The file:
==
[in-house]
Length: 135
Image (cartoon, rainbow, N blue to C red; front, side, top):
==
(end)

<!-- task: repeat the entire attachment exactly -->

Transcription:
[in-house]
Length: 135
Image (cartoon, rainbow, N blue to C red; front, side, top):